“Lifting protections on our public lands to prop up bankrupt coal companies is absolutely scandalous,” said Jeremy Nichols, WildEarth Guardians’ Climate and Energy Program Director. “The Obama Administration needs to understand that Americans don’t want to shoulder the debt of Arch Coal so the company can trash our forests and our climate.”
“This is a big step backward for the Obama Administration" said Nathanial Shoaff, a staff attorney with the Sierra Club’s Beyond Coal Campaign. “Why would the Forest Service undermine President Obama’s climate objectives and sacrifice public lands just to prop up one failing coal company? This is further proof that the federal coal program is badly out of step with the rest of the Obama Administration when it comes to climate."
“Ruining pristine backcountry for climate-destroying coal pollution is bad public policy,” said Taylor McKinnon with the Center for Biological Diversity. “At a time when we should be moving to clean, renewable energy, this plan anchors us to more fossil fuels. Obama should just nix it—public lands should be part of the solution, not the problem.”
“Roadless areas are important for many of the wildlife species in our state including the Federally threatened Canada lynx,” said Matt Sandler, Staff Attorney for Rocky Mountain Wild. “Sacrificing these areas to appease the interests of the coal industry is irresponsible public lands management.”
“For decades, Americans have loudly supported the landmark Roadless Rule to protect our wild forests,” said Amanda Jahshan, Wildlife Energy Conservation Fellow for Natural Resources Defense Council. “No industry should get special exemptions from these important protections, least of all dirty coal, which is a major contributor to climate change and clean air, threatening our planet and healthy communities.”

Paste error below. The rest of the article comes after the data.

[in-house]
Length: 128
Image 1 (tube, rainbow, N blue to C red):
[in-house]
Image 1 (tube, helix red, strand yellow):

"I’ve seen first-hand the damage coal mining does to this wild forest, and it’s devastating,” said Alli Melton, Public Lands Director for Gunnison County-based High Country Conservation Advocates. “This proposal would open the forest to intense development and scar thousands of acres of vital habitat for black bear, lynx, elk, and mule deer. The noise, the flattened habitat, the fragmented landscapes are bad for wildlife and bad for hunters, hikers, and bird-watchers who enjoy the area. The added stress from climate change on Colorado’s backcountry means the Forest Service should focus on protecting intact habitat, not slicing it up to worsen climate pollution.”
Among the National Forest lands in the crosshairs of coal mine bulldozing under the proposal is the Sunset Roadless Area, a lush aspen and spruce-fir forest dotted with beaver ponds directly adjacent to the West Elk wilderness.
The loophole would pave the way for Arch Coal to expand its underground West Elk mine. For its expansion, Arch plans to bulldoze an extensive road network and scrape dozens of well pads in the Sunset area in order to release methane within the coal below ground.